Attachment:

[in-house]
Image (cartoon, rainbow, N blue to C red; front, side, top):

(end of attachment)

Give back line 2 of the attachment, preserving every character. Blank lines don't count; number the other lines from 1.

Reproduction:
Image (cartoon, rainbow, N blue to C red; front, side, top):